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« Blogging: as a technology and lifestyle | Main | Integrating iOS Technology »
Tuesday
Apr192011

Day One Journal, no nonsense.

This app is cool. At $0.99 USD, it’s hard to complain about price. (The same cannot be said for the desktop version, however, at $9.99) DAY ONE (journal) for iPhone is a strong example of a straightforward app uncomplicated by features.

But what about Momento?

How can I not mention Momento? After all, I featured it on this blog. Both are currently iPhone only (as iOS devices go). The two do differ, however. Momento could do everything that Day One does, but it’s not really built for just that. Momento is about capturing feeds and tagging posts; organizing a complex weave of photos, tweets, status updates and memos. Day One doesn’t do photos. It doesn’t do tagging, either. It doesn’t have these things… on purpose. What it does, it does so well; it keeps track of lightweight journal posts and quick thoughts, timestamps them, keeps track of particular favorites, and syncs it all with Dropbox. The app syncs with the expensive desktop version (I don’t understand the ten dollar Mac app price tag — at all. Come on, $4.99 tops, more like $2.99 and it’d be a super app), for those crazy enough to buy it. Momento does offer backups and exporting, but it isn’t super clean and automatic. The (current) lack of a desktop counterpart makes the exports fairly useless, too. Momento is like a personal status archive. Day One is a journal.

What else…

DAY ONE is beautiful. Look at it; it’s stunning. It’s compelling; it makes writing easy, and it never feels clunky. I think that the app could use text markup, specifically bold, italics, strikethrough, but even without, why wouldn’t you use it. Day One journal app is perfect for beginner journal-keepers; paper journals can be daunting for newcomers and anyone who hasn’t actually finished a journal cover-to-cover, and this semi-safe little thing is a perfect tool to capture quick thoughts during downtime. To truly take advantage of its plain text self, Day One can be used with Dragon Dictation: on the go, thoughts can be verbalized, transformed to text, copied, and pasted into Day One with a few taps. Granted, a perfect integration this isn’t, but it’s not that bad. The lack of tagging and feeds is a good thing, I think… at least for some people — maybe most people. Integrating text and images from outside sources can mean clutter, and tagging just isn’t necessary for everyone. The tedium of tagging can be a turn-off; it isn’t useful if it’s only done sometimes, and to tag every single quick post just doesn’t seem (or feel) practical in the real world. Dropbox syncing is a far more practical feature. [If you don’t have a Dropbox account, make one NOW] Entries are therefore self-archiving, and the plain text can then be used wherever with simple copy/paste. Rich text would be neat, but it isn’t always better. Adding some kind of markup could mean loss of flexibility; some apps/websites/tools prefer HTML, some use Textile.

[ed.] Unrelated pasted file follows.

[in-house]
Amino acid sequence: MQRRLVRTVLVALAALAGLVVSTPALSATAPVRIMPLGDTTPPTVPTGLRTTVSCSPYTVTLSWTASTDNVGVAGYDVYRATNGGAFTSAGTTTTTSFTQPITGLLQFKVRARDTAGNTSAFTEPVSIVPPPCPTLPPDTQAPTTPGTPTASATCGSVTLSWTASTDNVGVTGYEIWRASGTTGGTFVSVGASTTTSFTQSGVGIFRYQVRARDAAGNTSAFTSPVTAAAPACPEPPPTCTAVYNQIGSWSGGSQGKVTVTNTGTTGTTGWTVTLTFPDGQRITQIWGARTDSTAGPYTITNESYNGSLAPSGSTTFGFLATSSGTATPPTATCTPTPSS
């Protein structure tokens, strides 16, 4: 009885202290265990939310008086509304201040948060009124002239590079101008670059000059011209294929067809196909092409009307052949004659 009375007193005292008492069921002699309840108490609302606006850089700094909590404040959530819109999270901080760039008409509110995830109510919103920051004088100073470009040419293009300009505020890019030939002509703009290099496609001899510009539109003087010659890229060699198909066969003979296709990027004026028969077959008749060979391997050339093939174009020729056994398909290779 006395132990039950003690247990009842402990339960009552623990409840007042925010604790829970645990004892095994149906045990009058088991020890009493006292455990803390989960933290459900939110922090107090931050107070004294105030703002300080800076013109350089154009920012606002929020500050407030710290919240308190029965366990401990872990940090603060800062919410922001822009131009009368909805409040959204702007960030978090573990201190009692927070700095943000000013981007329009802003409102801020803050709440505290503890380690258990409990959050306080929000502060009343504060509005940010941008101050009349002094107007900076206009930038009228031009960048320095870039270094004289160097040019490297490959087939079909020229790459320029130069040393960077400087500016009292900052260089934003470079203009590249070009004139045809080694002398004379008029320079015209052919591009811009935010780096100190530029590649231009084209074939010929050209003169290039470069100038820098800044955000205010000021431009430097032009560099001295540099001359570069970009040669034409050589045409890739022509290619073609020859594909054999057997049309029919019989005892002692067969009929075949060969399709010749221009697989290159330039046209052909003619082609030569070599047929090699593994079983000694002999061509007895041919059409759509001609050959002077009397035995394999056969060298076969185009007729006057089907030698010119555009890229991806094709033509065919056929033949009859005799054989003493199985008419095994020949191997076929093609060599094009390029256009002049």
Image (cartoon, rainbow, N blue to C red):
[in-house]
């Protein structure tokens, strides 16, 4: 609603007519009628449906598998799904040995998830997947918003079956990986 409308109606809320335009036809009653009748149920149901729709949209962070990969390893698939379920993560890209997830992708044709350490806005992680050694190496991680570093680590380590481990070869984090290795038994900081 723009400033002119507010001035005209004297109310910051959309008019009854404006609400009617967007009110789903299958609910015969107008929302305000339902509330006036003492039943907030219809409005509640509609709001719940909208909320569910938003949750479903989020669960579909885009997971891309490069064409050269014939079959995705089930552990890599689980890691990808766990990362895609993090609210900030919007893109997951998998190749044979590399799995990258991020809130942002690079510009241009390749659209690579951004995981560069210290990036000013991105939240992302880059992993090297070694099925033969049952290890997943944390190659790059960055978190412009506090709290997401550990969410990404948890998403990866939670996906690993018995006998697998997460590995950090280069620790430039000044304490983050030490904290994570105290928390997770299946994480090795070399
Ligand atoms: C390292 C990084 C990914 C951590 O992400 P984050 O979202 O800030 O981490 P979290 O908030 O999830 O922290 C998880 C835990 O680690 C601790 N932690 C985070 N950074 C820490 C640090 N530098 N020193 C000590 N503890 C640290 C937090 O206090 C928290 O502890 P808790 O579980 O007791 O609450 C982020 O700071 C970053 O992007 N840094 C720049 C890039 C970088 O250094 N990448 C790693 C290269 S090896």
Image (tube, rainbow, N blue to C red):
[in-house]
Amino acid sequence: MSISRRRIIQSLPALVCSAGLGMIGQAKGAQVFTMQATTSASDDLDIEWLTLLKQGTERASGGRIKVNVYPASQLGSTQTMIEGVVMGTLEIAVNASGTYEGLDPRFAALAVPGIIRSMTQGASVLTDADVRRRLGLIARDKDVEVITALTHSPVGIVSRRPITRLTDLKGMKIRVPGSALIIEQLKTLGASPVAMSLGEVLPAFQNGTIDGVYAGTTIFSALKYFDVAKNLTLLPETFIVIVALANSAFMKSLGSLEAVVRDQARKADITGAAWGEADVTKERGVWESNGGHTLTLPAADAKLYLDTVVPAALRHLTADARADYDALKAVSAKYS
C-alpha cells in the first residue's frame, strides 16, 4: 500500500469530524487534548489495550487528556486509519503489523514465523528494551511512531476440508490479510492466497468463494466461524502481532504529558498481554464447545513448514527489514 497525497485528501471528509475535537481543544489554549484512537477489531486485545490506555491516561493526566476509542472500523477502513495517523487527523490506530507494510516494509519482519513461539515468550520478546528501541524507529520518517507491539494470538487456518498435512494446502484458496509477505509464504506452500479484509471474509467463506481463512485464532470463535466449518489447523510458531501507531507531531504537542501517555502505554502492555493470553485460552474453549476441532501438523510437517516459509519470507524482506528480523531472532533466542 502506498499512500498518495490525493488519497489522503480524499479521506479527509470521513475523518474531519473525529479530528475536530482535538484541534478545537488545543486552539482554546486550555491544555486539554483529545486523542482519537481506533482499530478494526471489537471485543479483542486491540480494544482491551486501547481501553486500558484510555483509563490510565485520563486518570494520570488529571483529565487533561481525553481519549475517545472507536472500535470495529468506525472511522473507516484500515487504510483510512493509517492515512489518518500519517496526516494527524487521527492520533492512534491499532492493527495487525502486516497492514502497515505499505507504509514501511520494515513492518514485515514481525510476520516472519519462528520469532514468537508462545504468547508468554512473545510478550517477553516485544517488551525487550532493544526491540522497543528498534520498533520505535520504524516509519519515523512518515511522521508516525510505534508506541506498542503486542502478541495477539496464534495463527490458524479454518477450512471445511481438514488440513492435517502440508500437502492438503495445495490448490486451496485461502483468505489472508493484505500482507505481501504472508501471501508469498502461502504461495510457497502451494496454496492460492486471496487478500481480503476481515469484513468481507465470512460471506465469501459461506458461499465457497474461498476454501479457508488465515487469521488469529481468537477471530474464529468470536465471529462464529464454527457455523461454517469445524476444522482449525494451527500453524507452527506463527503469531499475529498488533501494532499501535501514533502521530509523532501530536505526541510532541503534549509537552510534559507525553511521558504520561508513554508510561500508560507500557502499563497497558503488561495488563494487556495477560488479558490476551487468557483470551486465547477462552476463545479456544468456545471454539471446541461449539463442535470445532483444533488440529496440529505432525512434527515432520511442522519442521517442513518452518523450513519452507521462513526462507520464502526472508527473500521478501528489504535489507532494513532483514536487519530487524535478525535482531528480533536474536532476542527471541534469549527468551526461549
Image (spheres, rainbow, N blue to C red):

Closing thoughts; Bradtastic Approved?

My recommendation is this: BRADTASTIC APPROVED. If you aren’t currently using a journal app, get Day One (Journal). Even if you do have something else, at $0.99 for an iOS app, the risk is small. Play around with it for a while before investing in the desktop app. I was hesitant of this app at first; I thought (and still believe) that the desktop app was overpriced, that it lacked value, and that there were numerous alternatives. Now that I have it, it’s hard to regret. I see this as a replacement for the now defunct IdeaPad app by Glowfilter. [I have no idea why IdeaPad was removed from the App Store; a copyright issue, maybe, because of the name?] Day One is clean and fast; 2.4mb and four dollars cheaper than Macjournal for iPhone. It’s also better looking by far. [and I actually really like Mariner Software in general] Keeping a daily journal is one of the best simple things anyone can do. Too often, people make excuses — “I don’t have time,” • “I’m not good at writing.” Those are decent reasons not to blog, but this journal can stay private. It’s straightforward and isn’t intimidating. I’ve never had someone I’ve recommended journaling to ever tell me they’ve regretted it, or that it was a bad idea. I do hear about a lot of false starts, however, and I think Day One is a decent countermeasure. [AND: Maybe my unendorsed glowing (fair and honest) review will convince the developers to give me a copy of the desktop app to try!]

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Reader Comments (10)

I'd love to have read this post but your overuse of multiple fonts makes it too hard on the eyes. Bit like mixing 50 kinds of paint; you end up with a grey mess nobody wants to look at.

August 2, 2011 at 12:28 AM | Unregistered CommenterEdan

There are only three; I'm still fixing it. I'm sorry you don't like it. It's nowhere near a hostage letter, however.

Eventually, there will be only two.

Alternatively, you can use any RSS reader and strip out my formatting.